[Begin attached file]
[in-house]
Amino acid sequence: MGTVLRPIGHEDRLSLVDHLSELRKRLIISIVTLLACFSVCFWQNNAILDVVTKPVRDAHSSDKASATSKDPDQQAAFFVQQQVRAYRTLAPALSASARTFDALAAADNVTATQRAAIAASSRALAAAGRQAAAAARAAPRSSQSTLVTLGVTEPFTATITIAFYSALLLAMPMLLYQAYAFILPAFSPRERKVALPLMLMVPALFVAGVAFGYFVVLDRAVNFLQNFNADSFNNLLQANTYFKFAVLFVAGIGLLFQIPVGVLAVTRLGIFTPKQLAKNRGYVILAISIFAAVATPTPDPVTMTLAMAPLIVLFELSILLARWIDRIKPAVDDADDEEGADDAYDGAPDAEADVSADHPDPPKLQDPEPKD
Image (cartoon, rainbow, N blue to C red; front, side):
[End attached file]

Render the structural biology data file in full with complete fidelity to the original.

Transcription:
[in-house]
Amino acid sequence: MGTVLRPIGHEDRLSLVDHLSELRKRLIISIVTLLACFSVCFWQNNAILDVVTKPVRDAHSSDKASATSKDPDQQAAFFVQQQVRAYRTLAPALSASARTFDALAAADNVTATQRAAIAASSRALAAAGRQAAAAARAAPRSSQSTLVTLGVTEPFTATITIAFYSALLLAMPMLLYQAYAFILPAFSPRERKVALPLMLMVPALFVAGVAFGYFVVLDRAVNFLQNFNADSFNNLLQANTYFKFAVLFVAGIGLLFQIPVGVLAVTRLGIFTPKQLAKNRGYVILAISIFAAVATPTPDPVTMTLAMAPLIVLFELSILLARWIDRIKPAVDDADDEEGADDAYDGAPDAEADVSADHPDPPKLQDPEPKD
Image (cartoon, rainbow, N blue to C red; front, side):